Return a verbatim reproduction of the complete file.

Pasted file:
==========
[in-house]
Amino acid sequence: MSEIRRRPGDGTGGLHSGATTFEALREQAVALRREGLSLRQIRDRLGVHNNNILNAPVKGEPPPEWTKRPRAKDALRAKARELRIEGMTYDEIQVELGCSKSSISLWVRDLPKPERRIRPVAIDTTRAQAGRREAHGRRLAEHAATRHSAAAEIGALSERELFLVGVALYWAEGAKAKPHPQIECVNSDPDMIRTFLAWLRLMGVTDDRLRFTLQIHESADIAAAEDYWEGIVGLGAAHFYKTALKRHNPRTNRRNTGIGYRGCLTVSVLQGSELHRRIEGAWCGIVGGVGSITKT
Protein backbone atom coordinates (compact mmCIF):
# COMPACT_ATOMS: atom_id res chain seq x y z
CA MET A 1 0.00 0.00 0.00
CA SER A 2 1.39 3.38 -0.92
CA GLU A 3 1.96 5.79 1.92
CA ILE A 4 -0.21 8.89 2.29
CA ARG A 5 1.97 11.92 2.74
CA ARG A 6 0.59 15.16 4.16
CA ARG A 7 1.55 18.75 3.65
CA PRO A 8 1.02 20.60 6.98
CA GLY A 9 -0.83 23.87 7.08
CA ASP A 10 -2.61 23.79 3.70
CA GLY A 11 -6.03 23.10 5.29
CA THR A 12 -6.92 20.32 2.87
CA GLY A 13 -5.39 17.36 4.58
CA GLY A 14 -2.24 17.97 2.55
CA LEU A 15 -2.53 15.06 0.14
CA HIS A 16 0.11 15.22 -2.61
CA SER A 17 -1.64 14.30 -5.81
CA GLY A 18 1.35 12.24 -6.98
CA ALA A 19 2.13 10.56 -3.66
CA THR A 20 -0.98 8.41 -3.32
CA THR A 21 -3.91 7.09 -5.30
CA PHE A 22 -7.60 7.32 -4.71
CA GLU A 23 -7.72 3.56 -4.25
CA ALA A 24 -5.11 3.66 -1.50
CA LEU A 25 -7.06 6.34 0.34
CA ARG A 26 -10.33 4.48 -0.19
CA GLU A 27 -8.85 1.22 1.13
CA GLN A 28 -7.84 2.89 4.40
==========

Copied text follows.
[in-house]
Amino acid sequence: MSEIRRRPGDGTGGLHSGATTFEALREQAVALRREGLSLRQIRDRLGVHNNNILNAPVKGEPPPEWTKRPRAKDALRAKARELRIEGMTYDEIQVELGCSKSSISLWVRDLPKPERRIRPVAIDTTRAQAGRREAHGRRLAEHAATRHSAAAEIGALSERELFLVGVALYWAEGAKAKPHPQIECVNSDPDMIRTFLAWLRLMGVTDDRLRFTLQIHESADIAAAEDYWEGIVGLGAAHFYKTALKRHNPRTNRRNTGIGYRGCLTVSVLQGSELHRRIEGAWCGIVGGVGSITKT
Protein backbone atom coordinates (compact mmCIF):
# COMPACT_ATOMS: atom_id res chain seq x y z
CA MET A 1 0.00 0.00 0.00
CA SER A 2 1.39 3.38 -0.92
CA GLU A 3 1.96 5.79 1.92
CA ILE A 4 -0.21 8.89 2.29
CA ARG A 5 1.97 11.92 2.74
CA ARG A 6 0.59 15.16 4.16
CA ARG A 7 1.55 18.75 3.65
CA PRO A 8 1.02 20.60 6.98
CA GLY A 9 -0.83 23.87 7.08
CA ASP A 10 -2.61 23.79 3.70
CA GLY A 11 -6.03 23.10 5.29
CA THR A 12 -6.92 20.32 2.87
CA GLY A 13 -5.39 17.36 4.58
CA GLY A 14 -2.24 17.97 2.55
CA LEU A 15 -2.53 15.06 0.14
CA HIS A 16 0.11 15.22 -2.61
CA SER A 17 -1.64 14.30 -5.81
CA GLY A 18 1.35 12.24 -6.98
CA ALA A 19 2.13 10.56 -3.66
CA THR A 20 -0.98 8.41 -3.32
CA THR A 21 -3.91 7.09 -5.30
CA PHE A 22 -7.60 7.32 -4.71
CA GLU A 23 -7.72 3.56 -4.25
CA ALA A 24 -5.11 3.66 -1.50
CA LEU A 25 -7.06 6.34 0.34
CA ARG A 26 -10.33 4.48 -0.19
CA GLU A 27 -8.85 1.22 1.13
CA GLN A 28 -7.84 2.89 4.40